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I'm writing my first 2D app for Android using OpenGL. I'm writing it on my Desire, so my screen coords should be 0,0 to 799,479 in landscape mode. I'm trying to get OpenGL to use this range in world coordinates.

The app, such as it is, is working fine so far, but I've had to tweak numbers to get stuff to appear on the screen and I'm frustrated by my inability to understand the relationship between the projection matrix, and the rendering of textures in this regard.

Setting the projection matrix:

gl.glViewport(0, 0, width, height);
float ratio = (float) width / height;
float size = .01f * (float) Math.tan(Math.toRadians(45.0) / 2);             
gl.glMatrixMode(GL10.GL_PROJECTION);
gl.glLoadIdentity();
gl.glFrustumf(-size, size, -size / ratio, size / ratio, 0.01f, 100.0f);
//    GLU.gluOrtho2D(gl, 0,width, 0, height);

I want to understand 0.01f and 100.0f here. What do I use to describe a 2D world of 0,0 -> 799,479 with a z value of zero?

Also, I'm not sure what is 'best' - using glFrustumF or GLU.gluOrtho2D The latter has simpler parameters - just the dimensions of the viewport - but I've not got anywhere with that. (Some sites have height and 0 the other way around but that makes no difference.) But shouldn't this be the natural choice for 2D usage of OpenGL? Do I have to set something somewhere to say to OpenGL "I'm doing this in 2D - please disregard the third dimension everywhere, in the interests of speed"?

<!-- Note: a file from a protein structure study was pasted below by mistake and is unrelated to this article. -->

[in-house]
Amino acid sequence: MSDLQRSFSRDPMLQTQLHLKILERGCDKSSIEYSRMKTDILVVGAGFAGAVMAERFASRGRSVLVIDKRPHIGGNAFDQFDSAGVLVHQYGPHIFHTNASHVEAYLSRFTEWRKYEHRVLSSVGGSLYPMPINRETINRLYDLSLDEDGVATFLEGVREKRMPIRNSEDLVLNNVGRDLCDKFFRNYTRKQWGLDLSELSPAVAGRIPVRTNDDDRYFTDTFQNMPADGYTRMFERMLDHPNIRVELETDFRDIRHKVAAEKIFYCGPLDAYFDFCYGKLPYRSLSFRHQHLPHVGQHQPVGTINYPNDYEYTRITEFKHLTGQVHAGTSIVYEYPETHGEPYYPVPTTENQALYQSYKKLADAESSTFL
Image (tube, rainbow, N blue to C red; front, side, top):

Drawing my textures:

I'm drawing stuff using 2 textured triangles. The relevant parts of my init (let me know if I need to edit my question with more detail) are:

gl.glMatrixMode(GL10.GL_MODELVIEW);                             
gl.glLoadIdentity();
gl.glTranslatex(nXpos, nYpos, nZoomin);         
gl.glRotatef(nRotZ, 0, 0, 1);               
gl.glScalef((float)nScaleup,(float)nScaleup, 0.0f);
...
...
gl.glVertexPointer(2, GL10.GL_FIXED, 0, mVertexBuffer);
gl.glTexCoordPointer(2, GL10.GL_FLOAT, 0, mTextureBuffer);
gl.glDrawArrays(GL10.GL_TRIANGLE_STRIP, 0, 4);      


mVertexBuffer is an IntBuffer and contains:
int  vertices[] =  
{
    -1,   -1,
    1,  -1,
    -1, 1,
    1,  1   
};

I don't intend, ultimately, to have to pass in nZoomin - I've done it this way because it was how I found the 'magic numbers' needed to actually see anything! Currently I need to use -1000 there, with smaller numbers resulting in smaller images. Am I right in thinking there must be some way of having a value of zero for nZoomin when the projection matrix is set correctly?

My textures are currently 128x128 (but may end up being different sizes, perhaps always square though). I have no way of knowing when they're being displayed at actual size currently. I'd like to be able to pass in a value of, say, 128 for nScaleup to have it plotted at actual size. Is this related to the projection matrix, or do I have two separate issues?

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For pure 2D, you might be better off using Canvas instead of OpenGL. It's a lot easier to use, and (apparently) not much slower. – Thomas Feb 6 '11 at 18:06
up vote 8 down vote accepted

If you're working in 2D, you don't need glFrustum, just use glOrtho. Something like this:

void glOrthof(0, 800, 0, 480, -1, 1);

That'll put the origin at the bottom left. If you want it at the top left, use:

void glOrthof(0, 800, 480, 0, -1, 1);